Sum of squared error (SSE)

Sum of Squared Error (SSE) in Cluster Analysis

Sum of squared error, or SSE as it is commonly referred to, is a helpful metric to guide the choice of the best number of segments to use in your end segmentation.

As the free Excel cluster analysis template automatically provides the output for two, three, four and five market segments – you need to choose the most appropriate number of segments for your marketing situation – and SSE will help you do that to some extent. Please check this diagram for where to locate the SSE scores on the Excel template – plus there a separate worksheet in the template that has two SSE charts for quick reference.

What is sum of squared error (SSE)?

Cluster analysis is a statistical technique designed to find the “best fit” of consumers (or respondents) to a particular market segment (cluster). It does this by performing repeated calculations (iterations) designed to bring the groups (segments) in tighter/closer. If the consumers matched the segment scores exactly, the the sum of squared error (SSE) would be zero = no error = a perfect match.

But with real world data, this is very unlikely to happen. So we need to look for a segmentation approach that has a lower SSE. The lower the SSE, then the more similar are the consumers in that market segment. A high SSE suggests that the consumers in the same market segment have a reasonable degree of differences between them and may not be a true (or usable) market segment.

Please note that you don’t need to select the segmentation approach with the lowest SSE, but it should be one of the lower ones.

Using SSE: An example (for SSE by Number of Segments)

To make sense of what to look for, let’s consider the following sum of squared error outputs:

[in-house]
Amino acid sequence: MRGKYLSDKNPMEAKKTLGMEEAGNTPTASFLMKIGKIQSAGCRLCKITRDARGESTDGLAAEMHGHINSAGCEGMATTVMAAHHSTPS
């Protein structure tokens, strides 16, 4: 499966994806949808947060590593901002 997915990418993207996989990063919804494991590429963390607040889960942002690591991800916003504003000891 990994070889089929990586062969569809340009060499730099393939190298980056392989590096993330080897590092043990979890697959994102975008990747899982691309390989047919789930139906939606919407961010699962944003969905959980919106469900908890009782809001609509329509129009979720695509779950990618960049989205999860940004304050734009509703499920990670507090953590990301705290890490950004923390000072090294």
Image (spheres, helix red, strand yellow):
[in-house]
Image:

• With two segments = 1,629
• With three segments = 1,163
• With four segments = 948
• With five market segments = 854

To further clarify, let’s have a look at these sum of squared error (SSE) outputs on a graph, as shown here. (This SSE chart is automatically produced by the template – you will find it on a separate worksheet – please see the tabs at the bottom of the spreadsheet.)

As you can see, as more market segments are created the SSE improves. This is generally to be expected. For example, if we had 100 consumers allocated to 100 different market segments, then the SSE would be zero – but, of course, it becomes impractical for a firm to pursue 100 market segments and, as well, each market segment would be too small to be viable.

Therefore, we need to accept a degree of error – (where “error” simply means that the consumers in each market segment are not completely identical, they will vary to some extent in terms of some of their behaviors and psychographic factors).

In this example, we would rule out the two market segment structure, as its SSE is too high relative to the other potential approaches – it is almost double the error of the five segment approach for instance.

The three segment approach offers a big improvement in minimizing SSE, but then the level of improvement starts to decrease (as to be expected) with each increment.  I would suggest, that in this example, either the four or the five market segment structure would be suitable.

We also look at SSE per segment

While the previous SSE chart is quite helpful for looking at the overall “accuracy” of each of the segment structures to classify consumers, it is also worthwhile to consider the individual sum of squared errors for each segment. (Note: The sum of the individual segment SSE’s is equal to the total SSE.)

This information – SSE by segment – is available in both the “Output Clusters” and in the SSE charts worksheet, as shown here.

The lower the SSE, then the more similar (homogeneous) the consumers are in that market segment. If we look at the graph, we can see that segment one has a large SSE result across all segmentation structures. This indicates that there is some dissimilarity between the consumer in this market segment – and perhaps could be better defined?

However, the low SSE scores for the other segments indicate strong similarities between the consumers in each segment for the marketing variables being considered. For a segment with a SSE of zero – then that will be a segment of one consumer, or of identical consumer responses according to the data we are using.

Our final market segmentation decision

We would then make our final decision by also considering the marketing logic of these segments – look at the segmentation map and the average of each marketing variable – which one makes more sense based on what we know about the market and which one would be easier to construct a market strategy that would be successful?